Research is now showing that when we analyze the degree of planetary F2 ionization over a long period of time, we find the same level of solar activity generates significantly different amounts of global ionization. This depends on the position of the Earth during its yearly revolution around the Sun. The ionization density, and thus the critical frequency, exhibits a pronounced maximum around the equinoxes. Conversely, there is a strong minimum around the solstices. Ten years of historical data from 1953 to 1963 was analyzed by Chaman Lal(a). This analysis covered solar cycle 19 that began in 1953 and peaked in the winter of 1957. Chaman Lal's work clearly shows that "a remarkable feature of the planetary ionization . . . is the appearance of semi-annual maxima that occur regularly and persistently during the months of April and October and a minimum which appears in July every year." His work shows that, given equal solar flux, the level of F2 ionization during the equinoxes is about 50% greater than in July.

This phenomenon is independent of the 11-year solar cycle. The yearly average of the critical frequency follows the solar cycle very closely. However, we see the equinoctial/solstitial maximum/minimum ratio every year regardless of the point in the cycle.

Seasonal Variation in Geomagnetic Activity
As with F2 ionization, a great deal of research has been done on the statistical nature of geomagnetic activity. It has been recognized for over fifty years that these activities exhibit a marked semi-annual variation(c). A study of the Ap magnetic index for the years 1932 through 1989 clearly shows this trend. Even before good statistical records were kept, it was obvious that auroras were more common during the equinoctial periods. Geomagnetic activity usually reaches its minimum during the solstitial months of June and December and a maximum around March and September.

It has also been noted that major geomagnetic storms occur most often in the spring and fall. There were forty-two major magnetic storms from 1940 to 1990. None occurred during the months of June or December. 40% occurred during March and September(b).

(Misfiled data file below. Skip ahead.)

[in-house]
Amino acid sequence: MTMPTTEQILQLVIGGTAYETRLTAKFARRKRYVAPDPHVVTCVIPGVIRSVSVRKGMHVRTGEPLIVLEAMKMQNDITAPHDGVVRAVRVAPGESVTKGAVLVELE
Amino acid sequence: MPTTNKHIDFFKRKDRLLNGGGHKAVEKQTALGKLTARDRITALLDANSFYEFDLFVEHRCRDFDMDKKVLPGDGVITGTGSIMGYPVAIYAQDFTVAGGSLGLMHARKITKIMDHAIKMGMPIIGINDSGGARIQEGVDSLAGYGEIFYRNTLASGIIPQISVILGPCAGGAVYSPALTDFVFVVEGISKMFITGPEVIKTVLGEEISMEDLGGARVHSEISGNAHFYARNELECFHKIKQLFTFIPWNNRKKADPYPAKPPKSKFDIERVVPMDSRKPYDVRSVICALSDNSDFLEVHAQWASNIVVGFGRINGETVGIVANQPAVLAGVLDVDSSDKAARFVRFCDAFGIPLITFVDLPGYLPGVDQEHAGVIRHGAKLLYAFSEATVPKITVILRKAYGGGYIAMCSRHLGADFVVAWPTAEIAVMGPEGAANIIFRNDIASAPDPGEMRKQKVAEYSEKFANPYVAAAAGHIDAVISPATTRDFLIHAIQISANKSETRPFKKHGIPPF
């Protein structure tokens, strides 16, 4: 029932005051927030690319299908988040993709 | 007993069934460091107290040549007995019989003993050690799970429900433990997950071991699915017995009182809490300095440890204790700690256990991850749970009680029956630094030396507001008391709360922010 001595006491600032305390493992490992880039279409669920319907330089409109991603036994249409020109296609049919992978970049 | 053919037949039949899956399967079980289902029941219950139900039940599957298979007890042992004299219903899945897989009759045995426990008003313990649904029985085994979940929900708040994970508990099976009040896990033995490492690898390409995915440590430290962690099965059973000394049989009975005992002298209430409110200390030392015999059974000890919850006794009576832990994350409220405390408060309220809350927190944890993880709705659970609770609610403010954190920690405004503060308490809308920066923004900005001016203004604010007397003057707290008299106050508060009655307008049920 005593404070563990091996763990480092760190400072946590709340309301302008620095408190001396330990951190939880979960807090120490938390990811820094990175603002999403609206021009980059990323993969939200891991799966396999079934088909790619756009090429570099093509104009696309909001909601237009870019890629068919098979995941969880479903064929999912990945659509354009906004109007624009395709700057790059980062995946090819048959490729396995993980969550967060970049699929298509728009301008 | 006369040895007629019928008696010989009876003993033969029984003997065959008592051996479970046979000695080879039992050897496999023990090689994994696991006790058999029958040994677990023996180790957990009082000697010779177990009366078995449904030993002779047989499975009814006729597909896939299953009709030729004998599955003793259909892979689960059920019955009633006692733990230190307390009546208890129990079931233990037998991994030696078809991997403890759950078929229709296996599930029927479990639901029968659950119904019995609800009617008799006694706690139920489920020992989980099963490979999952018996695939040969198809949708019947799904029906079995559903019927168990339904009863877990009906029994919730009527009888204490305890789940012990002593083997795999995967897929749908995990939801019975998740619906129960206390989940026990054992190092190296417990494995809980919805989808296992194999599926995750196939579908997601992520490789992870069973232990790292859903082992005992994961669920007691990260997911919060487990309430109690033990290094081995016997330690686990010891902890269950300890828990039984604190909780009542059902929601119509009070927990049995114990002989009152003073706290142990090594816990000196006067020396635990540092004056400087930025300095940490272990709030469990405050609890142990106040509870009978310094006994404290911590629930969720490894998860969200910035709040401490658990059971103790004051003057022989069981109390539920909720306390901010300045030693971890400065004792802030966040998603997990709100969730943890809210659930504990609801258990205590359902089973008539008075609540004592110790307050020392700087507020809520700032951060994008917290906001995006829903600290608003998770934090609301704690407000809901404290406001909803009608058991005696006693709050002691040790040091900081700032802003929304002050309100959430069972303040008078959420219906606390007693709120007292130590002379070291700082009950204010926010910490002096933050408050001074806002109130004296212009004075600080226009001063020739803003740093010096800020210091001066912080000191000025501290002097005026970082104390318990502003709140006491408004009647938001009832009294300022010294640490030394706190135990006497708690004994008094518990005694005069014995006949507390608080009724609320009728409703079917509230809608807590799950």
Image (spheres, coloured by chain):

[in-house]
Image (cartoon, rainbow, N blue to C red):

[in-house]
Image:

Why the Seasonal Variability?
This research explains what a lot of DXers already know by experience and intuition. We usually work more DX in October-November and April-May than we do in January-February and July-August. We now have a scientific explanation for a trend that we knew was there. However, some questions remain. Why should the time of year have any affect on how much a given quantity of ultraviolet light ionizes the F2 layer? Why should it have any bearing on how upset the geomagnetic field becomes? Are not both results of happenings on the Sun, not Earth?

It is clear that coronal mass ejections (which upset Earth's magnetic field ) do not occur with any pattern that can be correlated to the seasons on Earth. A fairly good explanation of this variation in magnetic activity has been presented by researchers at various sites(b). The physics involved are quite complex. Essentially it is the orientation of Earth's magnetic field with respect to the interplanetary magnetic field within the solar wind. When solar material and shock waves reach Earth their effects may be enhanced or damped depending on the angle at which they arrive.

The question of the cyclic F2 ionization remains unanswered. Its similar behaviour to the seasonal geomagnetic variations suggests they may be related. Further research is needed before this conclusion can be made with any degree of certainty.

I have presented an explanation of why we work more DX in the spring and fall than in the winter and summer. It is obvious that historical data shows a seasonal trend that cannot be explained as random chance. F2 layer HF radio propagation is enhanced during the equinox and attenuated during the solstitial months.

(a) Chaman Lal, Global F2 Ionization and Geomagnetic Activity, Journal of Geophysical Research (Space Physics), Vol. 97, No. A8, pages 12,153-12,159, August 1, 1992

(b) Crooker N.U., Cliver E.W., and Tsurutani B.T., The Semiannual Variation of Great Geomagnetic Storms and the Postshock Russell-McPherron Effect Preceding Coronal Mass Ejecta, Geophysical Research Letters, Vol. 19, No. 5, pages 429-432, March 3, 1992

(c) Cortie, A.L., Sunspots and Terrestrial Magnetic Phenomena, 1893-1911, Mon. Not. R. Astron. Soc., 73, 52-60, 1912